There is a new iteration of the Feldman Review proposals.  Robert Halfon made a punchy case for them on this site yesterday, but there is more to say about them than he had space for.  The first point to add is that they were not endorsed at its meeting on Monday, according to sources on the Party Board, but merely noted.  “I think that they would have approved had there been discussion and a vote,” one of them told ConservativeHome, “but that would only have highlighted disagreement about them further.”

There are two particular points of controversy.  The first is the plan to create what the Review calls the centralised administration of membership (which Party member respondents to a ConservativeHome survey supported by 80 per cent to 14 per cent).  The second is the proposal for Multi-Constituency Association pilots (which they have expressed no view on).  Let us consider each in turn.

At the core of concern about centralised membership records is, not to put too fine a point on it, a worry that Votesource may not be up to handling the change.  The best account of the strengths and weaknesses of Votesource, which proved not to be up to the job on election day, can be found in Mark Wallace’s write-through of the election campaign.  Sources have told us that Rob Semple proposed that a working group be set up to review the centralised membership plan, and that this was agreed to, though it isn’t clear as we write either what the membership of this group will be or when it will report.

At the heart of opposition to MCAs is, to cut to the chase, a suspicion that Downing Street and CCHQ want more centralised control and less grassroots autonomy.  This arises from the detail of how it is proposed that MCAs be set up and wound down.

On setting up, Associations with over 100 members and “a fully operational structure” will be able to opt out of the pilot MCA if a majority of their Members vote against it – which means that those with under 100 members or without “a fully operational structure” or both will not be able to opt out.  On winding down, it is proposed that while Associations can choose not to opt into an MCA – if they meet the conditions I describe – they will not be able to opt out on the same basis.  Graham Brady and Geoffrey Clifton-Brown, two of the Parliamentary Party’s representatives on the board, were among those who apparently raised concerns.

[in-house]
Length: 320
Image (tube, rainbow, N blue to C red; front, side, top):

In sum, there are some good things in the Feldman Review – bursaries for worse-off candidates, a candidates’ outreach programme and centralised membership records (in principle).  But the MCA proposal is problematic.  The most practicable way forward would simply be to proceed with pilots for more federations rather than with MCAs.  Ideas that can be read to suggest that some members can buy more access than others are also questionable.

But the core question about the review goes deeper – not so much about what is in it as what is not.  No elected Board members.  No plan for lower costs and more debate at Party Conference.  No identifiable proposals to ring-fence money and resouces for the medium and longer term.  Halfon wrote that this is “the Party members’ review”, but it is difficult to see how this claim stands up.  A glance at the plans to date confirms that we have been presented with a tightly-drawn agenda, of which MCAs are the central feature.  Anything that might touches on greater ownership of the Party by its members has been relegated to an appendix and subjected to a bland summary.

One of the challenges of our times is how to prevent Wesminster becoming “a ballet of the parties” – a tableau in which one rootless party of the elites is simply replaced in government by another – vulnerable to the Trumps and Corbyns and Farages.  The Feldman Review scarcely begins to rise to meet it.  This is perilous at a moment when the view of the Cabinet majority, on a fundamental constitutional question shortly to be put to a plebiscite, is the reverse of that of Party members.